Galaxies in the Local Volume conference poster
Centaurus A is by far the closest active supermassive black hole in the Universe, and has radio jet/lobe structures that span about 4 × 9 degrees on the sky. The greyscale image of NGC 5128 shown above, is the elliptical galaxy that hosts the radio source Centaurus A. The Very Large Array (VLA) radio continuum image of the inner jets of Centaurus A are also shown above, on the same scale as the optical image. These inner jets amount to less than 1% of the entire radio structure. The full radio morphology extends 4 x 9 degrees across the sky. So, why has Centaurus A never been fully imaged with an aperture synthesis telescope? Probably because the large angular size and the low surface brightness of the outer lobes make this project daunting, expensive in time and, up until recently, lacking in sophisticated software to deal with the high dynamic range and large field-of-view. The Compact Array really is the only array for the job, and finally it is being done!
Starting on 20 December 2006, we used the ATCA to mosaic - for the first time- the entire radio source at 20cm. We will mosaic the entire field in all four 750m configurations. To date we are half way through these observations (having observed with 750A and 750D).
Apart from producing the most detailed image ever of radio galaxy, our scientific aims are to:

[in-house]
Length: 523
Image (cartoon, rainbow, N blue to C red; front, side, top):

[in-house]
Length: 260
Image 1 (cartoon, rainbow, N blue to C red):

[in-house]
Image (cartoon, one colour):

(i) study the interaction of the radio source with the intergalactic medium,
(ii) Exploite Centuarus A as a background polarised screen to investigate the magnetic fields of foreground sources.
I will try to keep these pages updated with the current status of the project but if you would like further information, please send me an email.
1. The large-scale polarised structure of the outer lobes.
2. The influence of the radio lobes on the IGM.
3. A study of the interaction of the radio source with other dwarf galaxies in the Centaurus group.
4. A detailed study of the magnetic field properties of galaxies in the foreground of the radio lobes.
5. A detailed study of the magnetic field structure of the Milky Way using Centaurus A as a background polarising screen.
6. Dynamic range and new imaging techniques to produce the first high quality full size images of Centaurus A.
If you are interested in any of the above studies, or in joining the team and working on Centaurus A, then please contact one of the Team members below.
Ron Ekers (CSIRO ATNF)
Tim Cornwell (CSIRO ATNF)
Ray Norris (CSIRO ATNF)
Bryan Gaensler (USYD)
Juergen Ott (CSIRO ATNF)
Enno Middelberg (CSIRO ATNF)
Melanie Johnston-Hollitt (UTAS)
Joss Bland-Hawthorn (AAO)